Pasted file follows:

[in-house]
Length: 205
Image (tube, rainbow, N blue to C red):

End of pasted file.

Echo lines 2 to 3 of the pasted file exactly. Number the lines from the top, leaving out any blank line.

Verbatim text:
Length: 205
Image (tube, rainbow, N blue to C red):